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Citigroup Acknowledges Possibility of Profiting from Slavery in the Past

Citigroup has grown into the nation’s third-largest financial institution in part because its predecessors in the 1800s indirectly profited from slavery, the company acknowledged in a blog post this week.

The admission came as the Wall Street firm, JPMorgan Chase and other big banks have re-examined their roots in years, looking to unearth what roles they may have played in creating today’s racial inequities.

Citi first explored its historic ties to slavery 20 years ago but “did not find records providing evidence of any direct involvement,” Edward Skyler, Citigroup’s head of public affairs, wrote in the post. But a second initiative conducted last year found that the bank’s predecessors “likely profited from financial transactions and relationships with individuals and entities … involved in or connected to the U.S. slave trade,” according to Citi’s research summary, which Skyler linked to in his post.

One such predecessor was Moses Taylor, who served as director and president of City Bank of New York — Citi’s name at the time — for much of the mid 1800s. Taylor amassed a large fortune from Cuba’s sugar plantations, which used slave labor, according to Citi’s research.


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Many of the nation’s biggest banks, including Citi, are conglomerations of financial institutions that have merged or bought each other over the years. Citi traces its founding back to 1812 as City Bank of New York. What today is known as Citigroup grew from more than 400 predecessor companies, of which 21 were created before 1866. Slavery as a legal institution in the continental U.S. formally ended on June 14, 1866.

Citi conducted its most recent review of the company’s legacy using archives from Cornell University, a historic society in Mobile, Alabama, the New York Public Library, the Library of Congress and the Alabama Supreme Court.

The review also found that Farmers’ Loan and Trust Company, which later became Citibank (a part of Citigroup), accepted a trust application in the amount of $600,000 for property owned by Henry Hitchcock, Alabama’s first attorney general, a man who enslaved 24 unknown people.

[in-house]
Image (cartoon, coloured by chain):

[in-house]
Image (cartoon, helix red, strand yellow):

The property, valued at $1.9 million at the time, raised concern among Citi’s researchers team that the assets held under trust by Farmer’s Loan “may have included persons enslaved by Hitchcock.” While they ultimately concluded that the trust transaction did not result in Citi’s predecessor “owning” any people enslaved on the property, it did acknowledge the bank’s financial benefit from its dealings with Hitchcock.

“Although the focus of our historic records review was Citi’s own activity, we acknowledge that people who played important roles in Citi’s history had ties to the slave trade,” Skyler wrote. “Additionally, other founding or early directors of City Bank of New York likely owned enslaved persons. None of this changes the past but it can help make for a more equitable future.”

Citi also found that the company held bank accounts for individuals and companies that operated in slaveholding states.

The bank is hardly alone in its connection to U.S. slavery. JPMorgan in 2005 acknowledged that two of its predecessor banks had links to the slave trade, with two banks in Louisiana receiving thousands of slaves that were used as collateral.

Wachovia, the Charlotte, North Carolina-based bank that failed in the 2008 financial crisis and was subsequently bought by Wells Fargo, also admitted in 2005 that its history has ties to slavery. Wachovia found that its predecessors — the Bank of Charleston and Georgia Railroad and Banking Company — both owned slaves.

—The Associated Press contributed to this report.

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